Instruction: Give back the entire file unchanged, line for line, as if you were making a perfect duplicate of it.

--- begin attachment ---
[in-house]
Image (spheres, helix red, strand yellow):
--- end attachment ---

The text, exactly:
[in-house]
Image (spheres, helix red, strand yellow):